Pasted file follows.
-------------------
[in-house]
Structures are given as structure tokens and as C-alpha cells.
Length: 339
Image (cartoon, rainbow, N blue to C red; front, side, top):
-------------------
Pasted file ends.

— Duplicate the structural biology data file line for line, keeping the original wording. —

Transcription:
[in-house]
Structures are given as structure tokens and as C-alpha cells.
Length: 339
Image (cartoon, rainbow, N blue to C red; front, side, top):